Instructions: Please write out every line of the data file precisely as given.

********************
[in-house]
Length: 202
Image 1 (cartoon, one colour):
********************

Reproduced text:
[in-house]
Length: 202
Image 1 (cartoon, one colour):